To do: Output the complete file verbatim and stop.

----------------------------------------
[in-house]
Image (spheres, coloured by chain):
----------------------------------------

[in-house]
Image (spheres, coloured by chain):